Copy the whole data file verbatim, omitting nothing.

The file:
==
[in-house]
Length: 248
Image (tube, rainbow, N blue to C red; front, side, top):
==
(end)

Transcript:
[in-house]
Length: 248
Image (tube, rainbow, N blue to C red; front, side, top):